Assessment of ED triage of anaphylaxis patients based on the Emergency Severity Index

Daniel Chiang, Justine M. Ade, Xiao wei Liu, Fernanda Bellolio, Christine M. Lohse, Benjamin J. Sandefur, Ronna L. Campbell

Research output: Contribution to journalArticlepeer-review


Objectives: To describe the emergency department (ED) triage of anaphylaxis patients based on the Emergency Severity Index (ESI), assess the association between ESI triage level and ED epinephrine administration, and determine characteristics associated with lower acuity triage ESI assignment (levels 3 and 4). Methods: We conducted a cohort study of adult and pediatric anaphylaxis patients between September 2010 and September 2018 at an academic ED. Patient characteristics and management were compared between Emergency Severity Index (ESI) triage level 1 or 2 versus levels 3 or 4 using logistic regression analysis. We adhered to STROBE reporting guidelines. Results: A total of 1090 patient visits were included. There were 26 (2%), 515 (47%), 489 (45%), and 60 (6%) visits that were assigned an ESI triage level of 1, 2, 3, and 4, respectively. Epinephrine was administered in the ED to 53% of patients triaged ESI level 1 or 2 and to 40% of patients triaged ESI level 3 or 4. Patients who were assigned a lower acuity ESI level of 3 or 4 had a longer median time from ED arrival to epinephrine administration compared to those with a higher acuity ESI level of 1 or 2 (28 min compared to 13 min, p < .001). A lower acuity ESI level was more likely to be assigned to visits with a chief concern of hives, rash, or pruritus (OR 2.33 [95% CI, 1.20–4.53]) and less likely to be assigned to visits among adults (OR, 0.43 [0.31–0.60]), patients who received epinephrine from emergency medical services (OR 0.56 [0.38–0.82]), presented with posterior pharyngeal or uvular angioedema (OR, 0.56 [0.38–0.82]), hypoxemia (OR, 0.34 [0.18–0.64]), or increased heart (OR 0.83 [0.73–0.95]) or respiratory (OR 0.70 [0.60–0.82]) rates. Conclusion: Patients triaged to lower acuity ESI levels experienced delays in ED epinephrine administration. Adult and pediatric patients with skin-related chief concerns were more likely to be to be assigned lower acuity ESI levels. Further studies are needed to identify interventions that will improve ED anaphylaxis triage.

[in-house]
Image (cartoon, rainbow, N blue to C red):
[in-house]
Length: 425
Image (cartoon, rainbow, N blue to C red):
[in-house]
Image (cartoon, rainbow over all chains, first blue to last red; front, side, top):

Original languageEnglish (US)
Pages (from-to)449-455
Number of pages7
JournalAmerican Journal of Emergency Medicine
StatePublished - Aug 2021


  • Anaphylaxis
  • Emergency department
  • Epinephrine
  • Triage

ASJC Scopus subject areas

  • Emergency Medicine


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